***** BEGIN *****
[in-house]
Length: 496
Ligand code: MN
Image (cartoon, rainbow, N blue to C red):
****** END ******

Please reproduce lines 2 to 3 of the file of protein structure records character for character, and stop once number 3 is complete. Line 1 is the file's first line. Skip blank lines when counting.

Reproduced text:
Length: 496
Ligand code: MN